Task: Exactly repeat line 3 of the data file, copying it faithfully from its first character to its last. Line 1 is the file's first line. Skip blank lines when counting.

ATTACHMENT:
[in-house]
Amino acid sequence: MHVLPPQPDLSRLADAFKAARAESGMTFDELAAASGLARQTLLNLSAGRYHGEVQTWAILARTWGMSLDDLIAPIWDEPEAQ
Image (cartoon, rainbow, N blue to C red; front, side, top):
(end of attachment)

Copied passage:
Image (cartoon, rainbow, N blue to C red; front, side, top):